I generally enjoy teaching others about life insurance products. Sometimes we talk about some pretty somber topics, so I try to liven it up a little bit, pun intended, by telling stories. Whenever I teach probate, I tell a story about my grandfather. He died many years ago and I’m sure if he could see me now, he would get a kick out of me talking about him. He would especially like the fact that I make him a millionaire in this story.
Suppose that when my grandfather died he had $1 million in the bank. What do you think would happen if I walked into the bank armed with his death certificate, his Last Will and Testament naming me as a sole beneficiary, and I wanted to clean out his bank account. What do you think would happen? Well, I’m sure the bank staff would huddle around in a circle and debate the following questions.
“How do we know this is a valid will?”
“Even if the Will was valid at one point, how do we know this is the most recent version, and what if we give him the money and this Will ends up being contested?”
Now, if there was a $100 in the account, they would probably take the chance, but we’re talking about a million dollars here! To protect itself, the bank will likely ask for “letters probate”. In basic terms, probate is a legal process where the courts review a Will and decide if it is valid and up to date. This process occurs within the deceased’s home province. When finalized, letters probate are issued, which is the court order that authorizes me to be the executor of my grandfather’s Will and withdraw that cool $1 million.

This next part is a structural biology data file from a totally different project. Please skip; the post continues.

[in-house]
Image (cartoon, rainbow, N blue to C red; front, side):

But not so fast! Assets that are transferred via a Will are generally subject to probate fees.
Now, probate fees are based upon the size of the estate and the rate applied in the province. While the actual percentage may not seem that high, keep in mind that even a 1% probate fee on a $1 million would result in $10,000 in probate fees. Recall that probate fees apply to assets transferred via the Last Will and Testament. Since insurance products allow you to name a beneficiary, provided you name one other than your estate, the funds will avoid probate fees. For example, if my grandfather held segregated funds instead of a bank account and named me as the beneficiary in the policy contract, the funds would go directly to me. The funds would never form part of his estate as they would bypass it completely and would therefore not attract probate fees.
There are other ways to avoid probate too, such as transferring assets to a trust prior to death, or when a spouse is inheriting assets. For more information on these, be sure to review your SeeWhy Learning study guide.